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Egg white in a margarita - that's just wrong.

greenstate Mar 13, 2010 12:32 PM

I decided to give Sensing at the Fairmont Battery Wharf, another try and went there for cocktails. I ordered one of their specialty margaritas and began to drink. It was unlike any other margarita I have ever had, not too sweet, but I kept smelling the ocean. After chatting with the bartender I found out that they put egg white in this drink to make their shaken version, frothy and creamy. Gag! I like my eggs with some weird things, like ketchup and I don't even mind a raw egg in a good cesaer salad but Patron tequila, Gran Marnier and raw egg white do not belong in the same sentence let alone in a glass together. Am I crazy?

  1. ted Mar 13, 2010 12:55 PM

    I can get how you'd be upset if you didn't expect the egg white and were surprised. But the whole class of "fizz" cocktails generally have egg whites in them.

    I finally had a good pisco sour after avoiding them for years due to a really bad version made by an old roomie of mine. Now I've made them a few times, and my version has lime juice, pisco, simple syrup, and egg white. Not too far off being a margarita.

    The St Germain thread (http://chowhound.chow.com/topics/611102) has a recipe that I posted from a F&W cocktail book called the "Boris Karloff." Also a fizz-style cocktail with egg white. Really good stuff, though it's a bit of a lightweight drink.

    So don't dismiss egginess in your drink as a bad thing. There are some good ones out there.

    2 Replies
    1. re: ted
      JMF Mar 14, 2010 01:02 PM

      Fizz? Don't you mean sours? Neither the margarita or the Boris Karloff are fizz's. A fizz is in the sour family, but it has to have seltzer in it. It can have egg white or cream or neither, but no seltzer and it isn't a fizz.

      1. re: JMF
        ted Mar 14, 2010 07:27 PM

        My description on the cocktail taxonomy was less than perfect. Should've known I'd get called on it. At some point, I was looking at egg white cocktail recipes, and the fizzes seem to be more likely to include them. But the common ingredient is the soda. FWIW, the Boris Karloff recipe I referenced includes soda, so I'd call it a fizz.

        I didn't include the pisco sour and the margarita with the fizzes, but I was making note that they aren't that different, with the egg white as one differentiator.

    2. davis_sq_pro Mar 13, 2010 12:55 PM

      Doesn't sound too bad to me. I like the texture that a bit of egg white gives to a cocktail. While I can't say that I've had a margarita like that, I often put some into a whiskey sour, and it's not a very big jump from there to a margarita. And pisco sours, which are also members of the same family of drinks, always have egg.

      I am also sometimes bothered by the smell of the egg white ("ocean" is certainly a good descriptor), and wonder if it's a question of freshness, since it's not always an issue...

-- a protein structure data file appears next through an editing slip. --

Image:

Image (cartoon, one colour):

1. goodhealthgourmet Mar 13, 2010 12:57 PM

        it's actually more common than you'd think. as the bartender said, it's a way for them to make their non-frozen drinks frothy.

        1. w
          white light Mar 14, 2010 09:41 AM

          I'd be willing to give it a try. I like cocktails with egg (as others have mentioned a pisco or whiskey sour is a similar drink).

          Was the rim salted? If so maybe that's why you were picking up ocean scents?

          1. JMF Mar 14, 2010 12:56 PM

            Well, since the margarita is in the sours family, and egg white is a traditional ingredient in sours recipes, then it isn't outlandish to add egg white to a margarita. I've never had one with it, but now I have to make one soon to see how the creamy/frothiness plays.

            1. JK Grence the Cosmic Jester Mar 14, 2010 01:30 PM

              A margarita doesn't normally have egg white in it, but it certainly wouldn't be a bad addition. The egg white will lend a silky mouthfeel in addition to making the drink more frothy.

              One of my favorite drinks that includes egg white is the Ramos Fizz. They're very nice when served with brunch.

              1. sidecar Mar 16, 2010 11:01 AM

                I believe the addition of an egg white is a pretty standard variation on the margarita -- or at the very least not something your bartender thought up in a fit of mixological insanity. Try googling something like "margarita egg white" (it even has its own "e-how" page).

                In general, egg white works really nicely in tequila-based drinks -- like this one, the Prado -- essentially a margarita with Maraschino liqueur instead of Grand Marnier/Cointreau: http://www.cocktailchronicles.com/200...

                1. StriperGuy Mar 16, 2010 11:06 PM

                  I am generally not a fan of egg whites in cocktails and agree that it really does not belong in a standard margarita. If they are doing that they should specify it and give you the choice.

                  Heck and Sensing they should have just chucked it and given you a new drink.

                  1. yarm Mar 17, 2010 08:06 AM

                    A lot of bar-made sour mixes contain egg white. Not a full egg white per drink, but closer to a teaspoon or so. And sour (and daisy) recipes have contained egg whites since the latter half of the 1800s -- whether it be a Whiskey Sour or a White Lady -- with recipes that have and lack the egg white. In the case of the Margarita (a Daisy), the egg white also helps to smooth out the rougher tequila notes which makes the drink more palatable to the average drinker.

                    And besides, egg drinks are tasty. Egg white, egg yolk, or full egg. As long as the eggs are fresh.

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